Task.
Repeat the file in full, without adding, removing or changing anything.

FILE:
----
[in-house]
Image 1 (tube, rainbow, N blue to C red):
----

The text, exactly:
[in-house]
Image 1 (tube, rainbow, N blue to C red):